The Role of Comorbid Conditions and Socioeconomic Factors in Mortality for Patients Hospitalized with COVID-19
Keywords:All-cause mortality, Medicaid/Medicare, Social determinants of health, Socioeconomic status, Health disparities
Background: The emergence of COVID-19 as a global pandemic has provided yet another example of how racial and social factors can exacerbate health disparities and disproportionately affect minority populations. The goal of the current study was to understand how some of these factors impacted survival in patients hospitalized with COVID-19 in Northwest Ohio during the first year of the pandemic.
Methods: This study was a retrospective review of patient data from a single health care system. Electronic medical records were queried to obtain information on patients who were admitted to the hospital and had a laboratory-confirmed COVID-19 infection during their admission. Different predictors were included in the final Cox proportional hazard regression model.
Results: There were 3468 patients included in the analyses with an all -cause mortality rate of 18.5%. On average, White patients were older on admission with higher rates of mortality than patients who were Black or of “Other” races (19.8% versus 12.5% and 11.0%, respectively, p < .001). Mortality rates varied significantly by insurance status, with the highest mortality rates observed in the Medicare and “Other” categories (27.1% and 16.5%, respectively). Cox proportional hazard regression model also found race and insurance status to be associated with survival.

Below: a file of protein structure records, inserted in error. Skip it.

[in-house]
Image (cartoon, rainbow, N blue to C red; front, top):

Conclusion: Considering race and preexisting conditions adjusted for age in a cohort of patients with COVID -19 reveals that insurance payor is significantly associated with mortality. Those who did not have commercial or public insurance had significantly increased risk of mortality compared to those with commercial insurance.
Copyright (c) 2023 Roberta E. Redfern, Camelia Arsene, Lance Dworkin, Shipra Singh, Amala Reddy Ambati, Lukken Imel, Alexandria A. Williamson, Sadik Khuder
This work is licensed under a Creative Commons Attribution 4.0 International License.